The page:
In present-day Britain, Thatcher said, "What I can't stand are all the people who are prepared to go tap the industries making profits for the arts or music or charity, and then, in the next breath, despise industry." Instead, she said, she is trying to attract new interest, talent and investment to British industry so it can help rebuild the country and pay for what is to remain of the welfare state.

Thatcher cited, as a model for the Britain she is seeking to build, "the whole climate and atmosphere in the United States of success. You're expected to be successful and you're applauded when you are. We're trying to get that kind of atmosphere over here, and we shall do it."

She said she is seeking to "build a strong, responsible people and a happy people not a pleasure-seeking people in any way, but a people whose whole talents and abilities are being used.

"Look at a day when you are supremely satisfied just at the end of the day," Thatcher said. "It's not a day when you lounge around doing nothing. It's when you've had everything to do, a real challenge, and you've done it. Life really isn't just an existence. It's using all the talents with which you were born. You can only do that if you've got a government that believes that is the purpose of life as well."

Thatcher acknowledged that this goes against the postwar drift of British society toward greater leisure despite a declining economy. But it matches her own workaholic life style. She boasts of needing less than five hours of sleep at night, has no hobbies and sets aside very little leisure time.

Thatcher's combativeness and headstrong leadership style also is a departure from tacit postwar bipartisan cooperation in running the welfare state through generally collegial Conservative or Labor governments. Although she has been more ready than she publicly admits to compromise with less radical Cabinet collegues on some aspects of economic and other policies, she usually drags the government back to her chosen course through dogged argument often criticized as a schoolteacher's lecturing and even humiliating hectoring of some colleagues.

She has remained convinced throughout the Falklands crisis, for example, that Britain had little alternative but to recapture the islands militarily and restore British administration as it had been before the Argentine invasion on April 2. Under both domestic and international pressure while British forces prepared for their counterinvasion, she reluctantly agreed to compromises that were never, as she expected, accepted by Argentina. Since the big British landing at San Carlos on East Falkland, she has largely shaped events her way once again.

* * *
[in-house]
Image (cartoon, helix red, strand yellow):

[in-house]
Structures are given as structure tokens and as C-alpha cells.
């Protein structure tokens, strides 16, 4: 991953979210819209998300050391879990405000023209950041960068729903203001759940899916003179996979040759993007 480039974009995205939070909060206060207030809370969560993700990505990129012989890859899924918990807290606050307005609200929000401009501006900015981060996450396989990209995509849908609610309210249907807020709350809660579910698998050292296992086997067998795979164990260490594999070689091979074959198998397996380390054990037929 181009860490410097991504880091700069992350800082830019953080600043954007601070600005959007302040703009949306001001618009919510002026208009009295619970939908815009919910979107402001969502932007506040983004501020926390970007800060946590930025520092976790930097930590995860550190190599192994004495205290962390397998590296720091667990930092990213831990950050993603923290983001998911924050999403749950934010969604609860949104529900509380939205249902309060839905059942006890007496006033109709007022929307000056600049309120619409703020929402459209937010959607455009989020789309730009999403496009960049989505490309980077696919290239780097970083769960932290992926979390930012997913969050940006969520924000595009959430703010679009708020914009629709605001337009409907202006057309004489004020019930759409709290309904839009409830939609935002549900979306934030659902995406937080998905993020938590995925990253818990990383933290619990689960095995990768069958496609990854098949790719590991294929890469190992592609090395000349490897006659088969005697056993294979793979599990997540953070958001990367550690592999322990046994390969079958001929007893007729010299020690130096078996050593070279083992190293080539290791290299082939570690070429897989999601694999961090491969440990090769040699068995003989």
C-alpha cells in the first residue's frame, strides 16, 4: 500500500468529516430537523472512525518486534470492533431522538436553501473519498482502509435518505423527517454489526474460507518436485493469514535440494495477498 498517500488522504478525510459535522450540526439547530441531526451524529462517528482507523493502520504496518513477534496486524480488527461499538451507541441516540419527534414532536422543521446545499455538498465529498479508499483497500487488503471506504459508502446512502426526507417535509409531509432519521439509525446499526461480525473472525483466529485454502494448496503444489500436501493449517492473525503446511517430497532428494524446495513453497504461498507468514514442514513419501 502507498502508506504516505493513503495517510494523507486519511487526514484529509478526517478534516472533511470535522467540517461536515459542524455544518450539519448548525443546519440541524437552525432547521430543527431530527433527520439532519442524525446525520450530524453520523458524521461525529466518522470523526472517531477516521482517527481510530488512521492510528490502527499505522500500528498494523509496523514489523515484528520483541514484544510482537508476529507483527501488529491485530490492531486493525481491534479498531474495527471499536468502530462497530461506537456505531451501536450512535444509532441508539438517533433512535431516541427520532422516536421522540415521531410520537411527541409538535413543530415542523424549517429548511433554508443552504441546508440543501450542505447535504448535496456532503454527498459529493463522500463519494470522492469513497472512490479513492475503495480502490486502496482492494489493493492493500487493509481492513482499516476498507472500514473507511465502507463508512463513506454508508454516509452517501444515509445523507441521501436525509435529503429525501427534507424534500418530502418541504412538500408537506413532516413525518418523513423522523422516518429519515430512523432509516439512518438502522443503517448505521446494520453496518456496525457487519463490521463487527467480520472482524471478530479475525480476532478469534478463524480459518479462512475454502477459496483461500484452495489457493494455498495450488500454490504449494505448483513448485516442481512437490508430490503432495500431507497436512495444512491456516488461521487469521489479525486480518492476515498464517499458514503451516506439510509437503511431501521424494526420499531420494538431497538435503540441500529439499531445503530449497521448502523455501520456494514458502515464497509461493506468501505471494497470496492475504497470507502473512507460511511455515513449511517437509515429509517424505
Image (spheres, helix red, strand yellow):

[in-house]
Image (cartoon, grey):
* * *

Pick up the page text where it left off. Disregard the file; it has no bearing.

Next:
Thatcher insisted in yesterday's interview that "we've never had a more united Cabinet than over the whole Falklands issue." But tacitly acknowledging her practice of working primarily through Cabinet committees of largely trusted membership, Thatcher noted that her inner "war cabinet" contains some of her closest colleagues.

"We've been together a long time," she said of William Whitelaw, the deputy prime minister and home secretary. She added that Defense Secretary John Nott "and I have thought the same way for years."

She denied persistent reports that the war cabinet has been split by differences between her and Foreign Secretary Francis Pym over how much Britain should have been prepared to compromise to achieve a negotiated settlement with Argentina. "He has done absolutely marelously," Thatcher said of Pym, "after being thrown into the deep end" when Lord Carrington resigned after the Argentine invasion of the Falklands.

"They're all in my camp," Thatcher said. But she added that, "of course, in formulating policy we argue. What else would you expect? When you're talking tactics and what to do next, you've got to talk things through. You owe that to the British troops.

She insisted that she does not bully or ignore her Cabinet on this or other issues, but rather that she works out decisions through sometimes vigorous argument, which she suggested some people might misunderstand. Thatcher's love of verbal combat is evident at prime minister's question time in Parliament and in press conferences. Her eyes light up and she smiles broadly when she believes she has scored a point, oblivious to the possibility that her style sometimes may appear needlessly abrasive.

"The idea that a prime minister is there just as a chairman to collect votes is absolute nonsense," Thatcher said of her approach to Cabinet government. "You're there to give a lead. You may modify your approach as a result of discussion."

On the other hand, she added, "you must never have a head of government who will not permit argument. A lot of people work like myself, and you have to argue a thing through. If you have a view, you must be prepared to put it to the test and submit it to argument.

"I don't want to be the sort of person who has toes to tread on, if you understand what I mean," Thatcher said. Among her oldest colleagues, she said, "We just have this saying, 'We don't have any toes.' We do have toes, of course. But we are not so concerned about someone else trodding on our toes that it dominates our views for heaven knows how long. You just carry on. What matters is that we get the right answer between us."